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MSNBC "Hardball With Chris Matthews" - Transcript

Interview

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MSNBC "Hardball With Chris Matthews"

MR. MATTHEWS: Let's turn now to Republican Congressman Pete King.

Peter, I was listening to you on one of the other networks early this morning coming to work. You are so tough. You don't have a whole lot of sympathy for this governor that just stepped down today, do you, sir?

REP. KING: No, Chris, I really don't. And I've been in politics 30 years. I don't think I've ever, ever gotten involved in anything involving a personal matter, criticizing another politician for what's called a personal scandal. But this was different.

First of all, it wasn't personal. He put at least $80,000 into a criminal enterprise. That's what this was, a prostitution ring. They have invariably ties to organized crime. And he was doing this while he was attorney general and while he was governor.

Secondly, as Mike Taibbi said, his reputation -- I mean, I never knew anyone who was more of an avenging angel, who was so unforgiving of others and so self-righteous. I mean, he destroyed innocent people. He went after some guilty people, but he also tried to destroy innocent people, going into their personal lives.

To me, this was a case of a guy being totally vindictive. And that's why it's no -- it's reality that no one came to his defense because of the way he's conducted himself. And he was already under criminal investigation in New York for using the state police to go after the Senate Republican majority leader. He had the state police following him around. And that was disclosed by a Democrat attorney general, Andrew Cuomo. So this is a guy who really was so driven and so vindictive, and now it's come back to bite him.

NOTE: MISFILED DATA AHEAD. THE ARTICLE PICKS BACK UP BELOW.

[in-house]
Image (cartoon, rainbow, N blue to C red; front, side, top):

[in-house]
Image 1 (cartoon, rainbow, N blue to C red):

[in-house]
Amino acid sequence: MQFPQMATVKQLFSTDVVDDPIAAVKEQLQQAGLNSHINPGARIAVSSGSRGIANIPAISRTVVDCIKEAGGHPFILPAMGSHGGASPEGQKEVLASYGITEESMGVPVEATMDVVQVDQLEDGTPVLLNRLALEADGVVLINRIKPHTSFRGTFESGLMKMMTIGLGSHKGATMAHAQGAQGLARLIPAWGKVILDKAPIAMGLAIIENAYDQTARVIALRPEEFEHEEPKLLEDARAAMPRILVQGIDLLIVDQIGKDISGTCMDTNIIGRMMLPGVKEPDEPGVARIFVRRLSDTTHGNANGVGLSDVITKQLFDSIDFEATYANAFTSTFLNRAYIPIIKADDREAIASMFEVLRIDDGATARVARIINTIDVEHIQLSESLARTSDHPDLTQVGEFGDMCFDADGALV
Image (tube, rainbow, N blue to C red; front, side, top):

MR. MATTHEWS: Let's try to find something good here, some sort of velvet around this cloud here or whatever. Could it be that the Republican Party statewide in New York needs to come back? I mean, I grew up, you grew up, Peter, with a moderate Republican Party. It was able to take the Democrats, defeat them year after year for governor of New York, all the way through all those years with Rockefeller, for example, capable of winning statewide elections for Keating and Javits and even Jim Buckley winning as a conservative.

Is that party going to come back in the face of this abuse of power?

REP. KING: Don't forget Al D'Amato also won three times in New York.

MR. MATTHEWS: Right.

REP. KING: It can. I mean, this gives the Republican Party an opportunity. But also, at a different level, David Patterson, the new governor -- I spoke to him this afternoon. Chris, he's a neighborhood guy. He's a great guy -- African-American; 90 percent blind, I think. He's certainly legally blind; a decent guy. It's going to give politics in New York an opportunity to be conducted on a more civil level.

But, yes, I think it will give Republicans an opportunity to regroup, because we were really under siege. We lost a state senate seat last week. The Democrats were one seat away from taking over the state senate. They've lost that opportunity now because the lieutenant governor will be gone; he becomes governor, and he won't be able to cast the deciding vote that would have put us in the minority.

So now it gives us an opportunity to come back. We need more than Eliot Spitzer's scandal to come back, but it gives us a chance to mobilize, get retrenched, and win some elections in November. I think John McCain at the top of the ticket is going to help us with getting those Reagan Democrats back.

MR. MATTHEWS: Okay. Well, Hillary Clinton, who's the senator, and obviously the political colleague, if not the ally, of Spitzer -- I don't think they're that particularly close -- but is this going to spray out and hurt her at all? I mean, I can imagine Blagojevich going down in something like this in Illinois and that hurting Barack Obama. In fact, I can imagine the Clinton crowd going after him heavily on this. No one in the Obama campaign is going after Hillary about Spitzer.

REP. KING: Yeah, I don't know whether Obama is going to do it or not. But as a practical matter, Hillary Clinton and Eliot Spitzer were never close. He very reluctantly endorsed her last year, while David Patterson, the new governor, was actually standing right next to her on the night of the Iowa primary. So she's a lot closer to David Patterson than she ever was to Eliot Spitzer. No one was close to Eliot Spitzer.

MR. MATTHEWS: I think it's a great opportunity for a blind person to show what they can do. A friend of mine is blind, Dave Ticky (sp), an amazing professional. It is a great opportunity to display some real self-reliance and professionalism for the blind community in this country. And I'm glad you said what you did, Pete.

Thank you very much, Congressman Pete King of New York.

REP. KING: Okay, Chris, thank you.


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